Honestly, the expectations are kept in check while playing on the score of Khatta Meetha; reason being that the film is not a musical per se. Still, the fact which is kept in mind is that comic outings by Priyadarshan and Akshay Kumar in recent past (De Dana Dan, Bhool Bhulaiya) have actually led to at least a song or two turning out to be huge. Also with Pritam at the helm of affairs, you do expect something good coming out eventually at the least. Still, what you are prepared to listen eventually is some instant coffee score that would manage to work for the time being with anything more only turning out to be an added bonus.
First to come is the much publicised track 'Nana Chi Taang' which has a Marathi base it. With a Western base to it, this one turns out to be a catchy fusion number which doesn't take much time to register. Also, it is good to see Kunal Ganjawala coming up with something worthwhile for quite some time. Off late the singer hasn't been able to get many chartbusters running for him but 'Nana Chi Taang' could well be that number which will do good for him as well as the film.
Written by Irshad Kamil, this fun number (which also arrives in a 'remix version' later) picturised on the lead pair of the film also sees a rap portion written and sung By U.R.L. who does a rather good job here. In fact on closer hearing, the song's beginning and beats do come close to A.R. Rahman's 'Premika Ne Pyar Se' from Prabhu Deva's Humse Hai Muqabla. However, one chooses to believe that this could be a mere coincidence because there is just a brief hint to the chartbuster from the mid-90s.
As expected, there is some amount of softness that sets in with 'Sajde' following next. From the combination of Pritam and Irshad Kamil, you do expect a melodious romantic outing. This is what you get when KK and Sunidhi Chauhan come together for 'Sajde' which seems to be a good continuation to 'U & I - Sab Rishte Naate' [De Dana Dan]. A love song which could have utilised by Pritam in any film that had a quintessential love story setting to it, 'Sajde' actually makes one instantly imagine Katrina Kaif lip synching to this one. Call it the Sunidhi Chauhan effect but the fact remains that one can't miss the reference here. With Trisha on the scene, one does expect a beautiful outing here, what with KK also doing well with his vocals here. One does wonder though if a soft number like this really warranted a 'remix version' here. Thankfully, the spirit of the song remains intact even in this version and it doesn't get mauled due to any excessive beats.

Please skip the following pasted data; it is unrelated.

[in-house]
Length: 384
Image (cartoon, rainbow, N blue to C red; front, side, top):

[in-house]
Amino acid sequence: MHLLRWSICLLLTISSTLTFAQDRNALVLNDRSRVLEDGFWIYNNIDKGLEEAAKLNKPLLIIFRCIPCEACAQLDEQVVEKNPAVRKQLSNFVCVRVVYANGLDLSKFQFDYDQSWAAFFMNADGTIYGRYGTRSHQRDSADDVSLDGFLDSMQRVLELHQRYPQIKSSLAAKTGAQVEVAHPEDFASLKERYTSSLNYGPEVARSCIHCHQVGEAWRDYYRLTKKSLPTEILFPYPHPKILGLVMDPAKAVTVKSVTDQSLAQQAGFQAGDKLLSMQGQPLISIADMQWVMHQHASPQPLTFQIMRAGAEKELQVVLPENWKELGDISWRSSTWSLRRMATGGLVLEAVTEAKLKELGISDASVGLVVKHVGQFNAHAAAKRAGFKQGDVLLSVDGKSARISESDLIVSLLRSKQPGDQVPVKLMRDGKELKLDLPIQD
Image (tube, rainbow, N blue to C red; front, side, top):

Newcomer Shani brings in a guest composition in the form of 'Bullshit' which is written and sung by Shehzad Roy. Based on the theme of certain politicians coming up with their false promises that equate to 'bullshit', the song has a thematic appeal to it and sees a mix of Hindi and English lyrics. Catchy beats ensure that despite a serious theme, the song does well in carrying forward the narrative. Though the song isn't designed to last for months at stretch, 'Bullshit' should do well for the situation in the film. Also, the song has a certain Priyan touch to it, something which is apparent in the way the song is written and composed.
Finally arrives 'Aila Re Aila' which instantly reminds of 'Ganpat' from Apna Sapna Money Money which was again composed by Pritam himself. Highly energetic, this Daler Mehndi sung track is the most addictive of all in the album and has the potential to find its reach across the length and breadth of the country. Full of life, high on beats, easy on lips and catchy enough to burn the dance floor, 'Aila Re Aila' could find itself being played across processions and festivities. Written by Nitin Raikwar, this number also sees Kalpana Patowary giving good company to Daler Mehndi who is pretty much in high spirits while being behind the mike. No wonder, the song finds a deserving 'remix version' for itself.
As one presumed, Khatta Meetha has an instant coffee soundtrack that shouldn't take much time to settle down. There may not be anything outstanding presented by Pritam in the album but there isn't anything bad enough to be rejected either. Every song works well within the space it arrives in the album (and expectedly in the film's narrative) and would ensure that the narrative of the film never gets stagnated. While 'Aila Re Aila' and 'Nana Chi Taang' should find immediate attention, 'Sajde' could do well in the long run.
Aila Re Aila, Nana Chi Taang, Sajde
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